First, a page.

The North Afrfican Al Qaeda group which seized hostages from 10 nations at the remote Algerian gas field in In Aminas Wednesday, Jan. 16, has addressed its first demand to the United States: The release of two American hostages for two high-profile Islamist terrorists jailed in the US: Egyptian Omar Abdel-Rahman, the Blind Sheikh convicted of masterminding the 1993 World Trade Center bombing and Pakistani-American neuroscientist Aafia Siddiqui, convicted for trying to kill US troops and FBI agents in Afghanistan in 2009.
The offer from Moktar Belmoktar, head of al Qaeda’s Signed-in-Blood Battalions, was relayed by a Mauritanian news site Friday afternoon Jan 18. Until now, their most pressing demand was for France to end its military operation in Mali.
The Obama administration has not released information about the Americans held hostage at the gas field. They are believed to number seven.
Friday afternoon, as Algerian special forces were still unable to overpower the terrorists holed up with hostages at a gas facility, US military transports began lifting foreign nationals out of Algeria. Most are oil and gas facility personnel and their families. Their evacuation, which will badly affect the operation of Algeria’s energy industry, indicates fears that more terrorist attacks on oil and gas sites are still to come, with devastating impact on world energy markets.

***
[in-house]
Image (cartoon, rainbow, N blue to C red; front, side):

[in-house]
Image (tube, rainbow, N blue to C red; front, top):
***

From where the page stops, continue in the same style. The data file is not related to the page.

Military sources in London reported that a British MI6 secret service plane has landed near the Algerian hostage site carrying a command and control team specializing in terrorist situations.
British Prime Minister David Cameron called the Cobra emergency cabinet into session Friday night, its third since the hostage crisis erupted. Addressing Parliament earlier, Cameron promised the UK would hunt down the terrorists responsible for the brutal and savage attack in Algeria.
According to the first tentative hostage figures released by Algeria Friday afternoon, the second day of its rescue operation, a total of 650 hostages were taken, of whom 573 were freed – most of them Algerian – indicating that 77 were killed or missing. A total of 132 foreign nationals from 10 nations were taken of whom 66 were freed, which leaves 66 dead or unaccounted for.
None of these figures will be final before the gas field is finally cleansed and secure.
debkafile: Al Qaeda’s demand for the Blind Sheikh’s release from an American jail is intended to embarrass Egyptian President Mohamed Morsi, who has said he would press for this when he visits Washington soon. This now puts Morsi on the same side as al Qaeda.
Bucked up by their success in keeping the Algerian army at bay and dragging out their first multinational hostage crisis into another day, Al Qaeda in North Africa upped the ante by directly confronting the United States in what is unlikely to be their last demand.